“We’re bringing the beach to the Capitol, where the legacy of Oregon’s open beaches began,” said Laurel Hillmann, event coordinator and Ocean Shores Specialist for Oregon State Parks. The free event will feature a concert on the lawn in State Capitol State Park at 11:30 a.m. by Portland artist Slater Smith, who will debut his new coast-inspired album.
The event kicks off at 10 a.m. with a professional kite flying demonstration. Guests can enjoy free birthday cupcakes and a free scoop of really creamy Tillamook ice cream from the traveling Yum Bus while supplies last. Mo’s, a favorite coastal destination for many families, will bring its iconic chowder to the event for purchase.
Activities for kids include kite making, beach-themed crafts, face painting and digging for treasures in a giant sandbox. Kids can meet a giant inflatable Dungeness crab; Oregon State Parks’ mascot JR Beaver; and Washed Ashore’s famous 7-foot salmon Nora, sculpted from beach trash.
Attendees can also enter a raffle to win limited-edition glass floats created by Lincoln City glassblowers and engraved with a commemorative 50th anniversary stamp.
Booths and exhibits will feature beach trivia; information on beach recreation, including clamming, crabbing and whale watching; and ways all Oregonians can protect and preserve this treasure for future generations. Inside the Capitol, a 30-minute Oregon Public Broadcasting Beach Bill documentary will air for the duration of the event, and a special Beach Bill exhibit will be on display in the Galleria.
Visitors can learn about Oregon’s unique Beach history in a Beach Bill-themed Capitol tour at 11:30 a.m., 12:30 p.m., and 1:30 p.m. Weather permitting, the public can also take a tower tour to the Oregon Pioneer at 11 a.m., noon and 1 p.m. Oregonians have always enjoyed visiting the coast, but that tradition was first officially protected in 1913, when Governor Oswald West and the Oregon legislature established the state’s 362 miles of shoreline as a public highway, a designation that only applied to the wet-sand portions of the beaches.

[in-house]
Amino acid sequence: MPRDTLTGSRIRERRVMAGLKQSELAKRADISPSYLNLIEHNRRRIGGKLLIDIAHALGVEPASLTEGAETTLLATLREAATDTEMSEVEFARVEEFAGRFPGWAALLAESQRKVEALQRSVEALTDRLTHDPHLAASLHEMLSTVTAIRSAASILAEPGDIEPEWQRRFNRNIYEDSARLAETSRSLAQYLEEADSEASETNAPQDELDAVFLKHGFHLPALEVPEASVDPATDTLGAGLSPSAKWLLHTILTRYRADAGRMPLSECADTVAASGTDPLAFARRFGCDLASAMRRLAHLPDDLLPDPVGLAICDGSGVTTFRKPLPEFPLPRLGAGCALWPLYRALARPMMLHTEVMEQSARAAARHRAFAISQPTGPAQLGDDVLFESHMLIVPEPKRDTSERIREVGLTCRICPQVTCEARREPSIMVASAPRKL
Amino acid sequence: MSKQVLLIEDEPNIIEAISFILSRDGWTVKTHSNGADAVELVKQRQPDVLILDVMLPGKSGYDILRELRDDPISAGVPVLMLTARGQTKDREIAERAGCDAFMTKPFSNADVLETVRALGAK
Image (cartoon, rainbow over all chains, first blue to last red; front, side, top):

Then, in the summer of 1966, the owner of a Cannon Beach hotel put down large driftwood logs to block off a section of the beach to all but his guests. In response, the State Highway Commission, with Gov. Tom McCall’s support, introduced two bills in the legislature. The bills mimicked a Texas law that recognized the public’s continued use of private beach land as a permanent right.
At first, the bills had little public support and seemed destined to fail. But news stories and a well-publicized visit to Cannon Beach by Gov. McCall spread the word that Oregon’s open beaches were at risk. “Most people had assumed the beaches were already public and weren’t aware of the efforts at the capital until it was almost too late,” Hillmann said. “In the end, Oregonians’ persistence saved the beach.”
The legislature passed the Beach Bill on June 7, 1967, and the governor signed it into law on July 6.
The bill would “forever preserve and maintain the sovereignty of the state heretofore existing over the seashore and ocean beaches of the state…so that the public may have the free and uninterrupted use thereof.” But the process didn’t end there. The legislation faced many legal challenges, and additional rules and statues followed defining the beach boundary.
Organizers encourage those planning to attend to RSVP on Facebook at bit.ly/beachbirthdaybash. Parking is free under the Capitol Mall, accessible from Chemeketa Street NE. Meters surrounding the Capitol are not enforced on weekends. For event information, call the Capitol’s Visitor Services at 503-986-1388 or visit the events page at oregoncapitol.com. For information on the history of the Beach Bill and other ways to celebrate this anniversary year, go to oregonbeachparty.org.